21.38 / 3.38 pm: Karjakin places his rook on the very awkward square h4. "I don't like the rook on h4 at all" (Judit Polgar)

21.22 / 3.22 pm:

21.15 / 3.15 pm: After 30 minutes Carlsen settles on 23...Rfd8 - the longest period he took in this match so far. 

21.08 / 3.08 pm: 

Carlsen has been thinking for nearly half an hour after Karjakin's 23.Ra6 and still did not come up with a solution.

20.46 / 2.46 pm:

20.35 / 2.35 pm: Judit Polgar is impressed by Carlsen's 20...c4 - "It's an extremly interesting and brave idea"

20.31 / 2.31 pm: As Radjabov, Giri does not believe this concrete line serves as a winning attempt by Carlsen.

20.27 / 2.27 pm:

20.23 / 2.23 pm: Both players seem to be in their preparation, following a game between Nakamura and Kazimdzhanov from the Tromso Olympiad 2014 - there Nakamura followed it up with 20.exd6 and won after 42 moves.

20.19 / 2.19 pm: 

Carlsen goes into thought - trying to remember his preperation.

20.15 / 2.15 pm: Karjakin is familiar with this position as well - he had the position after 18.Be3 in a game against Adams in 2008. In that game, he was confronted with 18...Ra8.

20.12 / 2.12 pm: Both players follow well known paths - white is a pawn up but black has good compensation.

20.09 / 2.09 pm: Carlsen played this variation only four times in his career - the last time was in 2011 against McShane.

20.02 / 2.02 pm: Carlsen surprises with the sharp Archangelsk-System in the Spanish. We'll see how well Karjakin is prepared for this...

19.59 / 1.59 pm: 

Press Conference in New York City - Picture by Maria Emilianova

Karjakin makes a nervous impression (Judit Polgar)

19.52 / 13.52 am: Only some minutes to go until game nine starts. In the 8th game, Carlsen took far too many risks, this strategy bounced back and got him into this unknown situation. In his two matches against Anand, he never never fell behind. Karjakin enjoys the lead - he could switch back to 1.e4 today, as there is no need to be afraid of the rather drawish lines in the Marshall anymore. Or is he going for a win, as this result would be kind of a preliminary decision?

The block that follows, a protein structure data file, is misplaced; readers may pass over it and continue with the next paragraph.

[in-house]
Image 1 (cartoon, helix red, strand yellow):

Press Conference in New York City - Picture by Maria Emilianova

18.42 / 12.02 am: 

16-11-23-pressconference-yes-no

18.41 / 12.41 am: Seventh Seal in Ninth Game

17.28 / 11.02 am: Official statement by Fide concerning the incidents after game No. 8 - without mentioning a decision about sanctions, but adding the general note "Fide regulations state that every player must attend the post game press conference, otherwise he will be penalised by a deduction of 10% of his prize money. 

16.24 / 10.02 am: This is one example of how the media reacted in Norway: "King No" is the title of this norwegian magazine. 

13.02 / 7.02 am: ChessBase India has published an insightful Q & A with Viswanathan Anand

11.36 / 05.36: "Wild Kid" also liked the annotations by Fabiano Caruana. In the comments to the Newsblog from November 22nd he writes: "A really great set of annotations by Fabiano Caruana. Not only are the lines given really illuminating, but Caruana's insights on the players' psychologies are fascinating. We are so lucky to have someone who, but for the grace of God, could easily be sitting in one of those two chairs, explaining what might be going through the players' minds. Caruana is so friendly, downhome, and accessible that it is easy to forget what a great player he is."

11.15 / 05.15: "Normally, after a lost game, Carlsen comes back twice as strong." Ian Nepomniachtchi while commentating game eight together with Judit Polgar.

11.03 / 05.03: How political is the match? Very, at least according to Barney Henderson from The Telegraph. He sees "A Battle of East vs West" and claims that "the current World Chess Championships in New York is one of the most politically-charged in decades".

10.19 Hamburg / 04.19 New York: A lot of chessplayers liked Fabiano Caruana's analysis of game eight. Some were downright enthusiastic, e.g. SurferII who said in the comments: "Caruana, best chessbase analysis ever". 

World Chess Championship News - 2016-11-22

20.30 Hamburg / 14.30 New York: How many games  do you play a day to practise?.

20.24 Hamburg / 14.24 New York: Here you can see the press conference after game 6.

15.38 / 9.38 am: Norwegian Grandmaster and author Jonathan Tisdall published a noteworthy piece after game eight in mattogpatt.no - food for thought.

13.34 / 7.34 am: According to the Spanish Sports newspaper Marca, Carlsen is threatened to be fined with 60.000 US-Dollars for not attending the press conference after the first decisive game.

 

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imdvb_8793 imdvb_8793 11/23/2016 12:04